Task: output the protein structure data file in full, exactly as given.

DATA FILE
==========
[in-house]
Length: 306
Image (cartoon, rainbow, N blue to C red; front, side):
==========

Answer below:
[in-house]
Length: 306
Image (cartoon, rainbow, N blue to C red; front, side):